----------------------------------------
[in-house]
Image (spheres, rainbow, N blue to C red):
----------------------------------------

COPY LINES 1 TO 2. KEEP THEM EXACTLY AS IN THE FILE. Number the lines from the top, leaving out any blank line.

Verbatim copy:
[in-house]
Image (spheres, rainbow, N blue to C red):